We are returning to the concept of“evidence-based” hiring in healthcare. Talent professionals realize that reforming healthcare means reforming the healthcare workforce. Care delivery models are going to continue to evolve. The pace of technology advances will only increase. The organizations with the most talented leaders, physicians, nurses and front line staff have the best chance of success.
For decades, healthcare valued the leader with the impressive resume, and the physician or nurse from the top program, above all else, with little attention or focus on behavioral skills. Seemingly overnight, though, we started asking these people - who were chosen for their technical skills - to now design and implement highly collaborative, patient-centered, value-based care models. The people on these teams may or may not be suited for this new approach.
Other industries, particularly manufacturing, faced similar challenges in past decades. Progressive companies implemented a more objective, “evidence-based” approach to selecting and developing talent.
They defined the behavioral skills they are looking for, and utilized tools and approaches that rely less on instinct and credentials and more on measurable behavioral skills. Making hiring decisions on intuition, anecdotal evidence, and flawed data isn’t a valid or reliable method to choose top performers.
Candidate selection should be based on best practices in order to overcome opinions, knowledge gaps, and biases. Wherever possible, it should rely on formal, explicit methods to analyze evidence and make the data available to the people making the hiring decisions. Moreover, those people need to be educated on how to use this data and need to embrace their role in building and developing their teams.
What does this look like? It’s a relatively simple three-step process:
Define the skills and behavioral competencies that correlate with success;
Create the most efficient and effective process (considering the candidate pool, goals, and candidate experience); and
Deploy proven, healthcare-specific selection tools with easy-to-use, configurable behavioral assessments, and an effective interviewing program.
- Behavioral Competencies. While technical and behavioral skills are still the baseline, you also need to define the specific behavioral skills you want to target.
- The Science of Big Data and Selection. The idea of “big data” in the world of talent is so important that Time Magazine recently devoted a cover story to the use of behavioral assessments by employers. For instance, a well-designed behavioral assessment can correlate with job performance at a “correlation coeffcient” as high as .65. (1.0 would be a perfect correlation.) How good is this?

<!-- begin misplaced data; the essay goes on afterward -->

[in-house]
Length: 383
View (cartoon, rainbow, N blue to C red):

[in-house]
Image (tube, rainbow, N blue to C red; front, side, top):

The correlation between mammogram results and the likelihood of detecting breast cancer in the following year is .32. That illustrates the extent to which the concept of Evidence-Based Care can correlate with evidence-based hiring!
- Validation and Legal Defensibility. Every hiring decision creates potential legal risk; some situations more than others. High-volume positions are often targeted by the EEOC or OFCCP.
A structured approach to defining the job-relevant competencies, combined with the use of validated tools and a structured interviewing program, reduce that risk.
- The Right Tool. Look for a tool that is specific to the role and for your purpose. Some general personality inventories are useful for training and development, but not well-suited for making hiring decisions. Whenever possible, choose tools designed specifically for healthcare and for the job family in question.
- Staffing Shortages. If you are having trouble finding candidates for a particular role, why would you use a deliberate selection process? If you only have two candidates to choose from and selecting the wrong one will have a negative impact on the organization and likely lead to yet another long search, you need to make the right choice the first time.
For a more detailed discussion about the concept of evidence-based hiring, check out this whitepaper: